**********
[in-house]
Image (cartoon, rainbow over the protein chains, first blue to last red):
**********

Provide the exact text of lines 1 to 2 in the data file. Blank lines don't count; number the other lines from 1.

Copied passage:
[in-house]
Image (cartoon, rainbow over the protein chains, first blue to last red):